Axillary Scar Release
Extremity lymphedema is a painful and functionally limiting complication of breast cancer treatment, most likely due to lymphatic thrombosis after lymph node resection and radiation. When lymph nodes are removed, the adjacent lymph vessels, which are now non-functional, become fibrosed. The prevailing theory is that surgery to the underarm and chest area traumatizes the connective tissue that encases nearby bundles of blood vessels, lymph vessels, and nerves. This trauma leads to inflammation, scarring, and eventually hardening of the tissue. Over time, this may cause more serious problems with function and mobility. The cause of this condition is interruption of the axillary lymphatics during either surgical procedures or as the effect of post-surgical radiation treatment to the axilla. Thrombosed lymphatics go through an inflammatory phase with thickening of the vessels and temporary shortening and tightening. Often, this leads to lymphedema where the stasis gives rise to a protein rich exudate into the interstitium which can become fibrotic.
Cord-like structures can form in the axilla, extending into the distal arm causing pain, limited shoulder range of motion (ROM) and functional compromise. These become attached to the axilla or chest via scar tissue. While the cording process is distinct from lymphedema, both seem to be a manifestation of the lymph stasis. Even in patients without symptoms of lymphedema, many believe axillary webbing is a sign of injury to the lymphatic system, which could suggest an increased risk of lymphedema developing at a later time.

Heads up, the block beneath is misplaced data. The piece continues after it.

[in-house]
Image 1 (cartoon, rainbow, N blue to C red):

Axillary webbing is known to be an independent risk factor for lymphedema, and patients with early webbing symptoms should likely be evaluated for surgical and non-surgical management. Moving and stretching under the guidance of an experienced therapist can help resolve the condition and stop the pain, although some patients do not improve despite all attempts at therapy. For these patients, surgical release of the skin and scar tissue in the axilla can help improve the lymphatic drainage from the arm. Dr. Barbour has had good results with release of scar tissue and significant improvements in arm motion, less heaviness, and some decrease in the size of the arm. This procedure has very little risk and frequently results in an immediately noticeable improvement for the patient.